Vitamin K2 and Nattokinase

April 20th, 2010

(2003) How much Vitamin K2 is in Nattokinase and what is synthetic K2? Does it differ in structure from non-synthetic K2?

Does the Endokinase product also contain any natural K2?
Many thanks in advance.


Dear Doctors:
Unfortunately, the NATTOKINASE has removed ALL Vitamin K-2, which they then sell us separately and which we put into the MULTIPLE BAM (Beyond ANY MULTIPLE). This multiple containing K2 is found in Beyond Chelation Improved and in Beyond Vitamins and is available all by itself for those NOT wanting any oral detoxification with Essential Daily Defense.

Sincerely,
Garry F. Gordon, MD,DO,MD(H)


K2 A SIMPLE WAY TO IMPROVE BONE AND VASCULAR HEALTH
By Dr. Ralph E. Holsworth, Jr, D.O.

INTRODUCTION
Vitamin K exists in two natural forms, K1 and K2. All K vitamins are fat-soluble micronutrients. Vitamin K2 enables an enzyme (carboxylase) to change an amino acid (Gla) into specific proteins (osteocalcin and matrix Gla-protein). These specialized Gla-proteins produced in the bone (cartilage) and blood vessels bind calcium and direct the occurrence of calcium throughout the body. Therefore, Vitamin K2 (a.k.a., menaquinone-7) via these Gla-proteins regulates mineralization of bone and prevents calcification of blood vessels. In 1929, Danish scientist, Dr. Henrik Dam discovered Vitamin K. The Danish meaning literally means “Koagulation” vitamins essential for proper blood clotting. In 1984, scientists reported patients with osteoporotic fractures had circulating Vitamin K levels which were 70% lower than age- and sex-matched control group (1)in bone and the decreased incidence of bone fractures in elderly patients. In the Rotterdam study, clinical analysis of 4,500 patients showed a correlation between long-term Vitamin K2 (menaquinone-7) intake and the lower incidence of aortic calcification (2).

In contrast to Vitamin K1, Vitamin K2 does not concentrate in the liver. Vitamin K2 works primarily outside of the liver (extrahepatic) in the bone and blood vessels. The richest natural source of Vitamin K2 is derived from a Japanese folk medicinal food called Natto.

HISTORY
According to legend, the first person to originate traditional Japanese natto was the famous warrior Yoshiie Minamoto during the Heian era of Japanese history (794-1192 A.D.). The horse was an extremely important to the Japanese samurai warrior of the period and great care was given to provide suitable provisions for the horses when armies were on the move. Typically, boiled soybeans were cooled down, dried in the sun and packed immediately in rice straw bags for transport with the army. If the army was on a rapid deployment, the boiled soybeans were packed hastily into the rice straw bags without cooling or drying. The rice straw just happened to contain a harmless and naturally-occurring microorganism, Bacillus subtilis natto that fermented the soybeans and produced natto with its characteristic sticky texture.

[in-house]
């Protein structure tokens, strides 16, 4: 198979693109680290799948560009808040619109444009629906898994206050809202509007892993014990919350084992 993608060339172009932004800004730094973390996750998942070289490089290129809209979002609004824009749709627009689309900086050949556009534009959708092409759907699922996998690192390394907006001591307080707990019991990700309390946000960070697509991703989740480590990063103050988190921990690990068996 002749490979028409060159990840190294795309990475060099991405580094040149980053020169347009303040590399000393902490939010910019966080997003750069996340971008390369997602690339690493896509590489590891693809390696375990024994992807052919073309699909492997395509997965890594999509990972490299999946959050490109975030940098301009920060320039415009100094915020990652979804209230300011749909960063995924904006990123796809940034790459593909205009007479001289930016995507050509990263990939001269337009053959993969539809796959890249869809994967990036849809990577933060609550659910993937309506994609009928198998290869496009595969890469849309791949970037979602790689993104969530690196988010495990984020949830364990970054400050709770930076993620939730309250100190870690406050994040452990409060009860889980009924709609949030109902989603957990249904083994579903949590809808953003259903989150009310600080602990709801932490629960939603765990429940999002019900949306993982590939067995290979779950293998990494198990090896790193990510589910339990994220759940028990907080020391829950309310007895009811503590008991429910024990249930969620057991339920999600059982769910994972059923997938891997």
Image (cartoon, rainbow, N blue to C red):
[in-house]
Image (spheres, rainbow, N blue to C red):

Initially, the soybeans were presumed to have spoiled until Yoshiie Minamoto observed that his horses were “picky eaters” and demonstrated a preference for the “spoiled” soybeans or natto. One day, Minamoto demonstrated tremendous courage and dipped his finger into the seemingly “rotten goo”. To his astonishment, the fermented soybeans were not only edible but had a distinct Umami flavor. Minamoto was responsible for introducing natto to the northwestern Japan where he ruled. To this day, natto is especially popular in that region of Japan and a folk remedy for fatigue, beriberi, dysentery, heart and vascular diseases.

VITAMIN K AND BONE HEALTH

Low Vitamin K Intake As A Risk Factor for Osteoporosis
In 1984, scientists reported patients with osteoporotic fractures had circulating Vitamin K levels which were 70% lower than an age- and sex-matched control group (1). These data were later confirmed showing that low blood level of vitamin K is also associated with loss bone mineral density, which independently is a risk factor for fracture (10-12). The beneficial effect of Vitamin K2 is related to the carboxylation of matrix-Gla Protein (MGP). Similar to another protein called osteoclacin that determines the mineralization and placement of calcium into bone. Studies show that Vitamin K1 is not as effective as Vitamin K2 for the prevention of bone loss. It was shown in the rat model vitamin K2 prevented calcification, whereas vitamin K1 had little effect (5).

Vitamin K2 supplementation is one way of insuring that arteries and bones receive sufficient amounts of Vitamin K2 to prevent osteoporosis and cardiovascular disease, respectively.